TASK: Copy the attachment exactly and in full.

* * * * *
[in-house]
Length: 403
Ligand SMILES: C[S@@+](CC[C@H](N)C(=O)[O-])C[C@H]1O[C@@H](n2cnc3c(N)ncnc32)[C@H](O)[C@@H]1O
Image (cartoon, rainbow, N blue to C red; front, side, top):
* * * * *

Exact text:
[in-house]
Length: 403
Ligand SMILES: C[S@@+](CC[C@H](N)C(=O)[O-])C[C@H]1O[C@@H](n2cnc3c(N)ncnc32)[C@H](O)[C@@H]1O
Image (cartoon, rainbow, N blue to C red; front, side, top):